Leaving a legacy to UNICEF is a wonderful way to make your support for UNICEF live on.

We believe that every child has a right to clean water, nutritious food, healthcare, education and a safe environment to grow up in. Your legacy will support our ongoing work to achieve this. It will help fund projects which may take many years to complete – but will save countless lives.
 
In Botswana, UNICEF has helped to reduce the mother-to-child HIV transmission rate to less than 4 per cent. By replicating this in other countries, hundreds of thousands of babies in the developing world could be protected from the virus each year.

Legacies also give us the financial resources required to cope with the things for which we cannot plan. Like conflicts, natural disasters and other emergencies – any situation in which children’s lives are in danger. Because we get no funding from the United Nations, we are reliant on voluntary donations like legacies.
 
After the devastating earthquake in 2006, UNICEF delivered 300,000 litres of water a day to communities in Java, Indonesia - saving countless children's lives, by protecting them from the deadly diseases found in dirty water.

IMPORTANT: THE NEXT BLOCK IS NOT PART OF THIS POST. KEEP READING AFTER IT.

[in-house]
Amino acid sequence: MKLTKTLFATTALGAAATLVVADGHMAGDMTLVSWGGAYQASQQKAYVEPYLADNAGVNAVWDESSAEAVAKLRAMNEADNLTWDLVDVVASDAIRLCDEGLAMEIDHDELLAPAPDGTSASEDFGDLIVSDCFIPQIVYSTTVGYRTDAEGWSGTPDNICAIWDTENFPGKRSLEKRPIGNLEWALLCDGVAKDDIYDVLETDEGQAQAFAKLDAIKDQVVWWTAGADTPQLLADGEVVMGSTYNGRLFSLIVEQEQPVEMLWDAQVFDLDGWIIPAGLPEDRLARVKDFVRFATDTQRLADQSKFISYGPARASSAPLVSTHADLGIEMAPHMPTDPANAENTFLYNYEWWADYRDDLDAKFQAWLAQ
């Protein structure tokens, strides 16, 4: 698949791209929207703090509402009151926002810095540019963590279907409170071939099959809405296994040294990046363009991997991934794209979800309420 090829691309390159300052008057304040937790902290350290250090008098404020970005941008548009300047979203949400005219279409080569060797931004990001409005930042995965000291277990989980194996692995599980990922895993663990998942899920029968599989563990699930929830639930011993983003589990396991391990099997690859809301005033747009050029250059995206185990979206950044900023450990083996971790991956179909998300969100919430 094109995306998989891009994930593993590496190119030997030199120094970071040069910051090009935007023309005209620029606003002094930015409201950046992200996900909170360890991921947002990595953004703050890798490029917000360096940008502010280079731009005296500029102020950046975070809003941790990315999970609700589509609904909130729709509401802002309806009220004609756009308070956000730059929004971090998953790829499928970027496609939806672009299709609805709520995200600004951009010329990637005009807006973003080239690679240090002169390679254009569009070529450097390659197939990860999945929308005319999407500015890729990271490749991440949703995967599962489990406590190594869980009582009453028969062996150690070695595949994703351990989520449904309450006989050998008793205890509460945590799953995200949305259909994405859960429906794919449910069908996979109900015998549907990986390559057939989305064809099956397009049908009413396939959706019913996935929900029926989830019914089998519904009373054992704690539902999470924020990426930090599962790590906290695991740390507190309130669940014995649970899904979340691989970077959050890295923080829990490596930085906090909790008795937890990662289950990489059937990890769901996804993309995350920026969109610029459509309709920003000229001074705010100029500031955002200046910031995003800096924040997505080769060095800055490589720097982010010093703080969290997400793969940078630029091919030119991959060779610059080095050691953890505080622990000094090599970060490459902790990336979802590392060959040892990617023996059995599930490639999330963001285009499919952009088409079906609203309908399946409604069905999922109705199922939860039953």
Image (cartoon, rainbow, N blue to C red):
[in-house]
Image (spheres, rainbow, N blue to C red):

Why my father left a legacy

"My father was sent to Palestine and the Far East during the Second World War and saw first-hand the hardships faced by children in the developing world. He also saw what a big difference just a small amount of money can make.

"He also had a deep commitment to the work of UNICEF and decided to leave a gift in his Will to help children – and in memory of his wife Betty, who shared his support for the organisation’s wonderful work.

"We were all saddened when my father passed away in January 2007. But his support for UNICEF lives on in our family, right down to his great-grandchildren. So it is heart-warming to know what a difference his legacy is making to children. I am certain he would urge others to support UNICEF, as he and my stepmother did."

Louise Hopkins, daughter of UNICEF supporter William Tait
 
Legacy gifts like William Tait’s have helped fund essential vaccinations in Togo, West Africa, where children are living in poverty after 15 years of sanctions. They are also being used to help trafficked children, who have been forced to work in mines and plantations in surrounding countries, to return home and start rebuilding their lives.

Find out more

Speak to our Legacy Manager Jane Hallahan on 020 7375 6032 or email janeh@unicef.org.uk

 
Three-month-old Abdoulrachid © UNICEF/NYHQ2009-2569/Pierre Holtz
Three-month-old Abdoulrachid smiles in the village of Foura Guiké, Niger. He has benefitted from the promotion of essential family practices that reduce child diarrhoea, prevent malaria and improve hygiene.© UNICEF/NYHQ2009-2569/Pierre Holtz